Senega is an old lung tonic, and I suspect it has been an ingredient in most of the lung medicines for the last one hundred years. It has been only partially proved, and needs further proving to bring out its particulars. When a medicine has been fully proved, it can be said of it that its symptoms are so well known that they can be examined as an image, i.e., the drug has affected all portions of man in such a manner as to stamp itself upon all of his natural actions and functions in a way peculiar to itself.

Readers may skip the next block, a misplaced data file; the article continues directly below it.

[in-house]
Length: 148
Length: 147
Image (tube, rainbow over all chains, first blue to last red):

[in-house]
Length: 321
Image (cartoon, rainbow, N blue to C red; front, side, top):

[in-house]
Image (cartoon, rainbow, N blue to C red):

This remedy has done some wonderful things, and these results in many instances can be only attributed to mere guesswork. This is about all that can be said in favor of careless and loose prescribing.
Senega is more especially a chest medicine. It is full of chest symptoms, and its relation to the air passages makes it worthy of consideration, although many of the individualizing symptoms have not yet been brought out. From its most striking action on the mucous membrane of the air passages, its chief use has been in chest complaints, asthmatic complaints, in various forms of dyspnea, cardiac and asthmatic.